CANYONVILLE — About 165 people from six different countries, 14 states and five Native American tribes came to Canyonville for the fifth annual State of the Beaver Conference at Seven Feathers Casino Resort this week to learn about beaver restoration and ecology.

Biology class students from South Umpqua and Days Creek high schools also attended the three-day event that concluded today.

“These young minds are what we really want to reach,” said Leonard Houston, conference coordinator and co-chair of the Beaver Advocacy Committee of the South Umpqua Rural Community Partnership. He added that education and community engagement play a big part in beaver restoration.

Houston spoke about the last 10 years of beaver advocacy and ecology in the Umpqua Basin.

The BAC has worked with Dwaine Jackson of the Oregon Department of Fish and Wildlife to trap beavers that were disruptive to landowners and to relocate them to parts of the Umpqua Basin where they could actively restore the area’s ecology.

When beavers create dams with the logs, branches and boulders the agencies and volunteers restore to the streams, the engineering animals subsequently create necessary habitat for fish.

“A lot of our dams are seasonal, they’re very small, but even with the little dams there are probably several thousand juvenile coho and steelhead in that pond,” Houston said. “We wanted to see what the presence or absence of these kinds of dams did for our coho, and they were actually increasing rearing habitats.”

Beaver ponds make for cooler, slower, more complex streams that are conducive to habitats the fish and a variety of species depend on, including red-legged frogs and pond turtles. Since the restoration projects began in 2006, Houston said the beaver advocates have also seen more eagles, otters and even 54 more species of songbirds in the area.

The beavers are often reintroduced at the top of the Umpqua headwaters, as what happens there can impact the entire watershed. After letting beavers go in Elk Creek, for example, the beavers built a dam that helped improve stream flow.

“One single little dam made out of grass, sticks and rocks restored stream flow for two-and-a-half miles of the river,” Houston said.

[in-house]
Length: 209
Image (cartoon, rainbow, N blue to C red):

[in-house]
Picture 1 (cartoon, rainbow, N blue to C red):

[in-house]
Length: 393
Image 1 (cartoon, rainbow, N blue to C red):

Even temporary dams can help the ecosystem. The willow branches from a washed out dam can float downstream and spread its roots to a new spot.

Melaney Dunne of the Coquille Watershed Association said she came to the conference to learn.

“I’m new to the area, so I was excited to attend and learn more about how beavers are managed in Oregon in general,” Dunne said, adding that the speakers are knowledgeable and passionate experts on the subject.

Jake Crawford, representing the Native Fish Society that aims to protect and restore wild native fish across the Northwest, said he was interested in beaver restoration for the benefit of coho salmon. He also came to see and listen to speaker Stan Petrowski, who volunteers with the Native Fish Society.

“He’s passionate about beavers as a tool for restoration, and I came to learn more about it and see Stan in action,” Crawford said.

For more information, visit stateofthebeaver.org.

Reporter Emily Hoard can be reached at 541-957-4217 or ehoard@nrtoday.com.

Or follow her on Twitter @hoard_emily.

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Outdoors and Natural Resources Reporter

Emily Hoard is the business, outdoors and natural resources reporter for The News-Review. She can be reached at 541-957-4217 or by email at ehoard@nrtoday.com. Follow her on Twitter @hoard_emily.

(1) comment

Mogie
Mogie

Why are beavers good but nutria's bad? They look almost identical but there must be a huge difference somewhere. I know that beavers are native to this area and nutrias are not. But what other differences are there?

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